Ellyn’s husband Hugh, played by Finbar Lynch, is an (understandable) missed opportunity, as he portrays a man supportive of the movement, but has very little to do. I say understandable because the film doesn’t want to take anything away from the women who made the sacrifices, though it’s interesting to see in him and Sonny how the partners of those women face their own, different struggles and sacrifices.

The film looks very authentic – probably helped by large parts of London looking identical! You always feel a sense of place and historical reference, and the costuming and sets help enforce the grubby, crumbling parts of the city in contrast to the gleaming upper-class areas. Suffragette also introduced me to the fact that the women used guerrilla tactics (bombs, cutting communications, arson) to get their point across, and in that, and the subtle hints at the manoeuvrings behind the scenes of government both for and against, Suffragette is a valuable history lesson.

The film’s last moments depict the continuation for women’s rights beyond the events of the film, and are perfect in that they portray for the audience how far we’ve come, and yet also how far we have yet to go. I was also fascinated to learn that Bonham Carter’s great-grandfather was H. H. Asquith, Prime Minister at the time of the film, and who vehemently opposed the movement (you don’t find this out in the film, but it’s a great bit of trivia that actually adds to her performance)!

I said it was brief and insubstantial because it dives into the movement’s fight and then abruptly leaves after a significant event occurs. This, plus the focus on Maude, I thought took away from the larger struggle, and perhaps more focus on Pankhurst might have helped – the movement’s leader faced as many hardships as her supporters did, but Streep just flits in and out, and I would have liked to have seen more detail (and perhaps a slower pace, as Maude seems to get suddenly swept up in her revolutionary behaviour after wavering for very little time).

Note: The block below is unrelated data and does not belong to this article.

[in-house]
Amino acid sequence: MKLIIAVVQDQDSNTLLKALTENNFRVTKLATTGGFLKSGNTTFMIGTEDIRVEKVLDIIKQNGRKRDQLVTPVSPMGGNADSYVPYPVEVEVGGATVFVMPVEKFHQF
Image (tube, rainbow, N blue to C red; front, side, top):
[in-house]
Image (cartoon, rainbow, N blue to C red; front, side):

This film deserves your attention regardless of any faults though, and the screening I went to was very busy, which was great to see for such a political and female-focused film! I recommend Suffragette because it’s a very watchable history lesson above all else, with some good, small performances from its cast.

 

One thought on “Review: Suffragette

  1. Suffragettes are a classic example of how “one man’s terrorist is another man’s freedom fighter”. They weren’t being taken seriously when protesting peacefully, so they escalated to more extreme action. Violence and assassination is not a good solution, but they felt that they were completely without choice. They were legally barred from so many modern avenues of dissent that they felt all they could do was get violent. Many even committed public suicide in protest (throwing themselves under horses etc.)

Leave a Reply

Fill in your details below or click an icon to log in:

WordPress.com Logo

You are commenting using your WordPress.com account. Log Out /  Change )

Twitter picture

You are commenting using your Twitter account. Log Out /  Change )

Facebook photo

You are commenting using your Facebook account. Log Out /  Change )

Connecting to %s

This site uses Akismet to reduce spam. Learn how your comment data is processed.